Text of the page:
Frozen Microsurgical Testicular Sperm Extraction Is Financially Feasible for Men With Non-obstructive Azoospermia

Brigham and Women’s Hospital researchers constructed a computer model for financial decision analysis of surgical approaches to testicular sperm extraction, which most U.S. residents must pay for out-of-pocket but is the only option for men with non-obstructive azoospermia who want to conceive a biological child.


Physically Demanding Work Associated With Male Fertility

Worker picking up stack of paving stones

A study led by Brigham and Women’s Hospital researchers suggests occupational factors are linked to male fertility. Men who reported more physical activity at work had higher sperm concentrations and testosterone levels.


Increasing Clinical Trial Diversity With Federal Incentives and Regulations

Doctor In Blue Medical Gloves Taking Dose Of Vaccine From Vial With Syringe

Recent U.S. legislation requires clinical trial sponsors to submit a diversity action plan for pivotal studies of new drugs. Still, Thomas J. Hwang, MD, and a colleague propose a combination of federal incentives and regulations to advance clinical trial equity and resolve gaps in participant representation.


Brigham Urologists Present at AUA 2023

Audience listens to the speech of the lecturer in the conference hall

Leaders from the Division of Urology at Brigham and Women’s Hospital will present their latest research to international urologists at the American Urological Association’s (AUA) 2023 Annual Meeting, held April 28 – May 1 in Chicago, IL.


Feasibility Study: Multi-Section Robotic Ureteroscope Outperforms Flexible Scope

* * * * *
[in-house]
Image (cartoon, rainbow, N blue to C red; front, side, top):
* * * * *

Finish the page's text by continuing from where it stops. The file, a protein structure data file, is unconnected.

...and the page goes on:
Anatomy structure of human kidneys

Researchers at Brigham and Women’s Hospital modified a robotic-assisted cardiac catheter ablation device to treat kidney stones and compared it with a standard flexible ureteroscope. They found the robotic device was more maneuverable and facilitated precision aim at targets in each renal calyx.


BPH Histopathologic Subtypes Do Not Influence Outcomes of TURP

Illustration showing healthy prostate and benign prostatic hyperplasia

In the first study of its kind, Brigham and Women’s Hospital researchers investigated whether the stromal‐predominant benign prostatic hyperplasia (BPH) subtype negatively affects outcomes of transurethral resection of the prostate, as reactive stromal myofibroblasts support a progressive inflammatory response.


Delay in Salvage Therapy Increases Risk of Death for Some Prostate Cancer Patients

Study led by Anthony Victor D'Amico, MD, PhD, chief of Genitourinary Radiation Oncology, Dana-Farber Brigham Cancer Center.

A recently approved and widely adopted imaging study that improves detection of prostate cancer recurrence in patients who have undergone radical prostatectomy is having an unintended effect of delaying potentially life-saving salvage treatment with radiation and androgen deprivation therapy, according to a study led by Anthony Victor D’Amico, MD, PhD, chief of Genitourinary Radiation Oncology, Dana-Farber Brigham Cancer Center.

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Benefits of Electronic Health Records in the Management of Hypogonadal Men

Doctor working on laptop computer and medical stethoscope on clipboard on desk, EHR concept

Electronic health records (EHRs) have multiple benefits for both clinicians and patients, but can lead to clinician burnout. Martin Kathrins, MD, and Anna Goldman, MD, of Brigham and Women’s Hospital, discuss how EHRs can optimize the treatment of hypogonadal men.


5-item Frailty Index Predicts Complications of Endoscopic Treatment for Benign Prostatic Obstruction

Urologist pointing to anatomical model of male reproductive system

The 5-item Frailty Index (5i-FI) accurately predicts morbidity and mortality after radical prostatectomy, cystectomy, and partial nephrectomy. Now, Brigham researchers report the 5i-FI is also useful for predicting surgical complications after endoscopic treatment for benign prostatic obstruction.


Pilot Study: Analyzing Urologists’ Efficiency During Ureteroscopy

Closeup Image of Flexible Ureteroscope Device in Container

Flexible ureteroscopy (URS) is the most commonly used surgical procedure to treat nephrolithiasis, and Brigham researchers have begun to evaluate how surgeon movements affect URS efficiency. They report results from a pilot study that should inform improvement in endoscopist training and evaluation.